There was also a chaotic situation at the Central Bank (which is also the national mint). The number of bank employees was quickly doubled in order to accommodate the demands for jobs by Communist and Socialist worthies. But the bank’s Office of Foreign Commerce, newly created, was considered so sensitive that no native Leftists were good enough for it. Instead, Allende imported a complete staff from Cuba and ensconced these people in the Sheraton San Cristobal, the poshest hotel in Santiago, as guests of the government.

Perhaps the key man at the Banco Central was Jaime Barrios, a member of the Central Committee of Allende’s Socialist Party. Barrios had title of General Director and used his position to finance guerrilla groups. In a letter now in the hands of the military government, Barrios wrote to a friend as follows: “I was with N. in Curico, and we settled on the form by which to aid the POR (Partido Obrero Revolucionario, an Argentine group) through our Central Bank.” We also have Barrios’ signature on a personal cheque-stub for $400,000, made out to a Swiss bank. When Barrios left the General Directorship in 1973, he settled in La Moneda as a direct economic advisor to Allende. Both he and another high official of the Central Bank, Alfonso Inostroza, were active in the violent MIR.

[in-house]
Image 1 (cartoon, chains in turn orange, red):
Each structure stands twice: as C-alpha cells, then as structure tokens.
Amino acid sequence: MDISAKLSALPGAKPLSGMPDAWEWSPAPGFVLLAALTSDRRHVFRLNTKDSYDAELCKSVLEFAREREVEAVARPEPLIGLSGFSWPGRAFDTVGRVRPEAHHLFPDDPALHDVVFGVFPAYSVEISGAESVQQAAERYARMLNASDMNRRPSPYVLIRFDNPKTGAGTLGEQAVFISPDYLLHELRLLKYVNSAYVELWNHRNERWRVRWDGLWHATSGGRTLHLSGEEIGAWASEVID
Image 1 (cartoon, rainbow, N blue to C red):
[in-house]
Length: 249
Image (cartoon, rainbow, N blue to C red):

Meanwhile, it was also through the Central Bank that plans were made for a very special sale. We have a confidential letter from former Ambassador Hernan Santa Cruz (who represented Chile to various international bodies, mostly in Geneva) to President Allende, arranging for the sale of Chile’s entire gold reserves on the European market. When the army seized power on Sept. 11th, it was discovered that the gold was already packed in crates, waiting for shipment.

One of the most telling proofs that such massive and repulsive corruption really took place is the extraordinary amount of foreign currency which was found in the hands of various Allende officials as they attempted to flee after the military coup. David Silbermann, for example, had been the Allende- appointed director of the nationalized Chuquicamata Copper Mine. He was captured at the border with $25,000 in his pockets. Roberto Sapiain Rodriguez, head of the Development Corporation of Valparaiso and Aconcagua (a state agency), was picked up in his house, while packing his bags. He had $80,000 on him, as well as seven million escudos. (Sapiain’s case is especially interesting because he was director of the professedly Catholic party in the Unidad Popular, a break-off from the Christian Democrats and from MAPU called the Izqierda Cristiana, or Christian Left. Apparently even the clerico- Marxists were crooks!) One of the hideouts of Miguel Enriquez, the top commander of the MIR, was found to contain $50,000. Luis Guastavino was a Communist member of Congress and a long- time Allende stalwart. $145,000 was found in one of his residences, and in another (a house at the exclusive Renaca resort) Guastavino had sheets of uncut 5,000 escudo notes, fresh from the mint.